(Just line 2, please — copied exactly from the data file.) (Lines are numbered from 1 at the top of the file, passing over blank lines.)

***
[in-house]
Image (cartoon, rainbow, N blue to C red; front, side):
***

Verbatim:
Image (cartoon, rainbow, N blue to C red; front, side):